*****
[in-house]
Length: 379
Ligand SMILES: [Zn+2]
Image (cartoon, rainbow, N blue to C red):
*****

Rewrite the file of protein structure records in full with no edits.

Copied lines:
[in-house]
Length: 379
Ligand SMILES: [Zn+2]
Image (cartoon, rainbow, N blue to C red):